UK - Gordon Brown's suggestion the Labour Party would extend its policy to restrict pensions tax relief to include people earning more than £100,000 was a "slip of the tongue", a Labour spokesman says.
The prime minister provoked confusion last night when he said Labour would "take away tax relief for those above £100,000 at a higher rate" as part of its deficit reduction plan.
The apparent announcement of a new policy in the Leaders' Debate sparked a furious reaction from experts in the industry.
Hargreaves Lansdown head of pensions research Tom McPhail said reducing the pensions tax relief threshold had been discussed prior to the budget - and admitted he would "assume the worst".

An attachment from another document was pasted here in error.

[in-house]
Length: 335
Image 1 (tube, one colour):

Barnett Waddingham partner Clive Grimley claimed the move - which would have affected 304,000 people - would have been an example of "yet another stealth tax".
However, the spokesman insisted the policy in the manifesto - which stated that the measure would apply to those earning more than £130,000 - still stood.
The Centre for Social Justice is calling for the state pension age to be raised to 70 by 2028 and to 75 by 2035, a much faster rise than currently planned.
The High Court has blocked the £12bn transfer of Prudential's annuity book to Rothesay Life, citing the insurer's lack of "established reputation" and differing "capital management policies".
This week's top stories included Legal & General acquiring MyFutureNow to provide a dashboard service to customers, while also agreeing a hybrid buy-in with a Hitachi scheme.